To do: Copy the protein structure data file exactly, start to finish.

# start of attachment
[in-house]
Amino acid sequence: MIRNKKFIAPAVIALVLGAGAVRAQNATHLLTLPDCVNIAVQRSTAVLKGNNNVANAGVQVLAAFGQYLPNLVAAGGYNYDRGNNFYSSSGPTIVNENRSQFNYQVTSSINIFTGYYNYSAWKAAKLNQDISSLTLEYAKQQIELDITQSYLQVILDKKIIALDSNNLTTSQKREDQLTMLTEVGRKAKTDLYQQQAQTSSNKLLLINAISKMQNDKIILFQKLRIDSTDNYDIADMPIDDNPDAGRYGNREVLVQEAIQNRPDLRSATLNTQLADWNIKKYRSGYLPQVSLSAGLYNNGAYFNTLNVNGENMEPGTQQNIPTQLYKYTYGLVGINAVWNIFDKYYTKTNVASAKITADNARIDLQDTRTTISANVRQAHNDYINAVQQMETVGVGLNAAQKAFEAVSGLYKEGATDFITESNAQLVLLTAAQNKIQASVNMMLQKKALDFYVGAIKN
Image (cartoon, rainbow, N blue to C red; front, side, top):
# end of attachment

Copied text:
[in-house]
Amino acid sequence: MIRNKKFIAPAVIALVLGAGAVRAQNATHLLTLPDCVNIAVQRSTAVLKGNNNVANAGVQVLAAFGQYLPNLVAAGGYNYDRGNNFYSSSGPTIVNENRSQFNYQVTSSINIFTGYYNYSAWKAAKLNQDISSLTLEYAKQQIELDITQSYLQVILDKKIIALDSNNLTTSQKREDQLTMLTEVGRKAKTDLYQQQAQTSSNKLLLINAISKMQNDKIILFQKLRIDSTDNYDIADMPIDDNPDAGRYGNREVLVQEAIQNRPDLRSATLNTQLADWNIKKYRSGYLPQVSLSAGLYNNGAYFNTLNVNGENMEPGTQQNIPTQLYKYTYGLVGINAVWNIFDKYYTKTNVASAKITADNARIDLQDTRTTISANVRQAHNDYINAVQQMETVGVGLNAAQKAFEAVSGLYKEGATDFITESNAQLVLLTAAQNKIQASVNMMLQKKALDFYVGAIKN
Image (cartoon, rainbow, N blue to C red; front, side, top):